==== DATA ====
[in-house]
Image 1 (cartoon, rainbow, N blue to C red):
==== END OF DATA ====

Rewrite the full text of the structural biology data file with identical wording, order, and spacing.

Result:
[in-house]
Image 1 (cartoon, rainbow, N blue to C red):